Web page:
Read latest updates about "Arts" - Page 2

  • India shouldn't depend on Western media for news on Afghanistan: Hamid Karzai

    Jaipur: Terming the Western media propagandist, former Afghan President Hamid Karzai said on Friday that India, for whom he had a special message on its 69th Republic Day, should develop its own sources in his country, even as he termed US President Donald Trump's aid cut to Pakistan 'a bit too...

  • Google Arts and Culture app brings 'selfie feature' to India

    New Delhi: Google Arts & Culture app on Friday introduced a new feature in India that lets users take a selfie, upload it and the feature will match it with a work of classical art from one of the several art museums globally.Using the computer-vision technology, the selfie feature lets users...

  • Good judgement impossible without leisure: Australian envoy

    Kolkata: Leading a civilised life is impossible without leisure, which enriches people to make good judgement, but a lot many have no clue how to enjoy it, a senior diplomat and a writer said here on Friday.'As a diplomat, my job is to travel. But I think there is something about taking time...

  • 'Art makes thought processes more constructive'

    Gwalior: Santoor player and teacher Bhajan Sopori, who hails from a family that has played the stringed instrument for over six generations, believes that if art and individuals are connected, then thought processes become constructive and lead to a brighter future. Sopori runs a music academy...

  • A pastime for practitioners too: Authors on reading and collecting books

    They may not flaunt the object of their interest like some do with mobiles or other high-tech devices, but committed and devoted readers can be made out by how their eyes suddenly display a glint of interest when they see a fellow reader, someone who talks about books, or they pass that...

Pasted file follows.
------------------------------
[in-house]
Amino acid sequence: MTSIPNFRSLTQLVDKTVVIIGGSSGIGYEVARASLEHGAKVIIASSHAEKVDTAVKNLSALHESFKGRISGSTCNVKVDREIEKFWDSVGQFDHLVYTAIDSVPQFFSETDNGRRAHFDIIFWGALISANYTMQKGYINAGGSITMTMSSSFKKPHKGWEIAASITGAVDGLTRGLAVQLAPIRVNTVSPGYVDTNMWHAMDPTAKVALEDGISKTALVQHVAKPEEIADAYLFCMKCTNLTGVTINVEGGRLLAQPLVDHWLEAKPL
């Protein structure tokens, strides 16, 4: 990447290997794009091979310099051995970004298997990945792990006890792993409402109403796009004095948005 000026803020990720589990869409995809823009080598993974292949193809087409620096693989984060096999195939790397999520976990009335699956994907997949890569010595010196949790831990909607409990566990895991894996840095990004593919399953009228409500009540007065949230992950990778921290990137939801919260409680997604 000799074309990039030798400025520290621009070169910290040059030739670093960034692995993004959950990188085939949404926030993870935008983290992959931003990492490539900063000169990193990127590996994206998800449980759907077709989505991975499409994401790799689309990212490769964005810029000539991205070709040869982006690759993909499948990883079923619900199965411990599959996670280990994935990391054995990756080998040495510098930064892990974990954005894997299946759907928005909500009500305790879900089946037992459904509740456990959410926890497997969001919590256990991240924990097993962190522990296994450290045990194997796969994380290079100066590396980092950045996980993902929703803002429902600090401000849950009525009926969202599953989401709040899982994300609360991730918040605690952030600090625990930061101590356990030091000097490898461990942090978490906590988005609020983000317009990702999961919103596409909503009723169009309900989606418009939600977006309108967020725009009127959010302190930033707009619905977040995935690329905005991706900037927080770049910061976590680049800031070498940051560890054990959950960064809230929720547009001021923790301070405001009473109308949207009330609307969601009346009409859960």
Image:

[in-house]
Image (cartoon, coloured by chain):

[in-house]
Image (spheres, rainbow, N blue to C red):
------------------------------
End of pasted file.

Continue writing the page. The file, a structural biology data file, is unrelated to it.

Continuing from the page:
• Drugs to discrimination: The darker side of science

    Title: Pandoras Lab: Seven Stories of Science Gone Wrong; Author: Paul Offit; Publisher: National Geographic: Pages: 290; Price: Rs 699Science makes our life easier, healthier and longer -- but not always. For like all human creations, it is a double-edged weapon that solves one problem but may...

  • Black and white Bombay: Tracing Indian cinema's roots through photographs

    Panaji: A still indicating the scale of an indoor set from the 1938 movie 'Vachan'; another of legendary actress Helen rehearsing the cabaret number 'Yeh itni badi mehfil aur ik dil, kisko doon'; and, among many others, Meena Kumari leaning on a piano in a dramatic scene from the film 'Dil Apna Aur...

  • The portrait: Raghu Rai through the eyes of his daughter

    New Delhi: As Raghu Rai turns 75, the ace photographer was presented to the audience by his daughter Avani Rai, both as a father and a photographer through a 55 minute documentary titled 'Raghu Rai, An Unframed Portrait', produced by Likka Vehkalahti and Anurag Kashyap and co-produced by ARTE...

  • On a wing and verse: Bengal girl gives poetic meaning to broken life

    Kolkata: Eight years back, Sathi Mondal was a normal, jovial teenager, enjoying life and dreaming of making it big in sports. That's till a botched-up medical treatment derailed her life's planned journey. Now she can't take a morsel of food or even water through her mouth, shuttles between home...

  • Books as 'bombs': Opposition gets ready to unleash 'soft power'

    New Delhi: Keen observers of contemporary Indian literature would recall that a series of memoirs, which came to be known as 'book bombs', critical of the then Congress-led United Progressive Alliance (UPA) government, hit the stands just ahead of the 2014 general election. Four years later, it...

  • World War I's forgotten violent aftermath and toxic legacy

    Title: The Vanquished - Why the First World War Failed to End, 1917-1923; Author: Robert Gerwarth; Publisher: Penguin Random House UK; Pages: 416; Price: Rs 699Not all wars end when the fighting does is a lesson that we still have to learn. The First World War was supposed, despite all the upheaval...

  • Commercialisation has led to emergence of new talent in art: Satish Gujral

    New Delhi: Many major artists, including stalwarts like Jatin Das, have expressed disappointment at the widespread commercialisation of the art market. But Satish Gujral, a pioneer of contemporary Indian art, believes commercialisation has also led to the emergence of new talent.Gujral, whose...